The quick solution is to prepare a test swatch and scrub it with a wet brush or immerse it in water. It wasn't watertight if it ran. Water-based markers are not waterproof since the pigments are retained in solution by water. Alcohol-based markers are water-resistant. They dry darker than water-based ones and they can be cleaned with an alcohol-based cleaner.
You can also tell by looking at the packaging. If it says "waterproof" or "alcohol-based", then it's for outdoor use only and should be disposed of in an environmentally friendly way after use.
Both types of markers come in a variety of colors and price ranges. You should choose one that matches your favorite clothes, not just the color itself. For example, if you love blue jeans but hate red lipstick, then you shouldn't get a red marker. You should get a blue one instead.
Also, look for markers that have multiple uses. For example, some markers can be used on skin or paper, so they should say something about their safety when used outdoors or on materials that may be sensitive to paint thinners.
Finally, check the ingredients list on the packaging. Most brands' markers contain oil-based colors which may bleed into other fabrics if not removed first. This isn't necessary with water-based markers because they don't stain otherwise.
Nowadays, ink is often manufactured from alcohols (e.g. 1-propanol, 1-butanol, diacetone alcohol, and cresols). Markers can be waterproof, dry-erase, wet-erase (transparent markers, for example), or permanent. Most common markers are made of resin and pigment.
When printed on paper, markers emit methyl alcohol when burned. This is why burnt pieces of paper float on water. Methyl alcohol is also emitted when burning plastic bottles, cans, and other polymers.
The smoke that results from the combustion of a marker contains the same chemicals that are found in ordinary cigarette smoke: carbon monoxide, ammonia, hydrogen cyanide, acetaldehyde, and acetic acid. The amount of these chemicals that you inhale if you burn a marker is about the same as if you smoked a regular cigarette.
People who work with markers face the same risks as smokers. They may experience symptoms such as cough, shortness of breath, sore throat, and skin irritation like burns from smoking. In extreme cases, markers can cause asthma attacks or heart problems. Children who play with markers should be warned of the dangers associated with this product.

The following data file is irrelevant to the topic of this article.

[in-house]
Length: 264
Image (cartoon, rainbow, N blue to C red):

Markers are available almost everywhere, including drug stores, grocery stores, discount stores, toy stores, bookstores, music stores, and even some restaurants and coffee shops.
Because alcohol markers dry rapidly, they are less likely to smudge and produce fading, watery colors. They're also permanent on most surfaces and easy to overlay. Because the inks are slightly opaque, you may use color overlays to change the hue of your work as well as create multi-toned highlights and mixes. Alcohol markers are available in a wide range of colors that will not bleed into each other when applied over other colored or textured surfaces.
Alcohol markers are perfect for drawing and creating artworks at home or during school breaks because there is no need for heat or drying time. You can also use them to add details to furniture before painting it or even write on glass with chocolate bars!
The first thing you should know about using alcohol markers is that they must be completely dried before they can be reused. You cannot just rub off the excess ink like you would a normal pencil; instead, put the marker into a hot shower or wash it under warm water until the ink is completely removed.
Alcohol markers are very easy to use and come in many different sizes for different tasks. Just like any other marker, you put some ink onto the tip and then press it onto your paper or canvas. Make sure that you don't fill up the entire marker though, because then it won't write properly anymore.
You can find alcohol markers at most art stores and online retailers.